Oct 23, 2020
This week you’re in for a treat (or trick)! It’s the Agile Coaches’ Corner special Halloween edition episode! Joining Dan for this spooktacular episode is frequent guest host, Sam Falco. Together, they will be exploring the Scrum treehouse of horrors!
Throughout their careers, both Dan and Sam have both experienced their fair share of horrific Scrum experiences. So, what better way to spend Halloween than to share some bone-chilling Scrum horror stories? From failing your sprint goal to poor planning and beyond, come join Dan and Sam by the campfire to hear some Scrum horror stories that will leave you shaking!
Bone-chilling Scrum horror stories:
A team that is not allowed to plan correctly
A team that doesn’t understand the concept of the sprint goal being different from the sprint scope
Failing your sprint goal!
Planning a sprint to 100% capacity and then getting a new request by a customer last minute (which leads to a spiral of frustration, bad morale, inability to deliver, and eventually, a huge quality problem)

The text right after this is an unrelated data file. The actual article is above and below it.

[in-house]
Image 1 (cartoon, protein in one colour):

When a team can’t cut scope and can’t cut time so they cut corners
Disrupted work which causes bugs to begin to be let through
When Scrum becomes a mechanism for developer abuse instead of a tool for the team/s to manage their work and deliver a higher return on investment
Hearing: “I thought Scrum was just a way of churning through requirements in two-week sprints.”
A bad culture built off ego and pressure
A manager that berates the team and tries to control them through power and fear
A manager that disrupts the team and creates a toxic environment with poor morale
A system based on fear with an emphasis on simply wanting to “look good” and not in supporting a culture of safety
Waterfalling through an 18-sprint project (with this, there is no room for improvement, adaptation, and iteration; the team/s can’t experiment their way to a valuable outcome because they’re simply being given a list of tasks to accomplish rather than being able to use their imagination and creativity to solve cool problems)
Not to fear about these Scrum horror stories — there’s still hope!
In most cases, a project is never unrecoverable; You can start building trust with stakeholders with just a little bit of openness (and by making sure to not point fingers or cast blame)
Honesty breeds more honesty — be as honest and transparent as possible!
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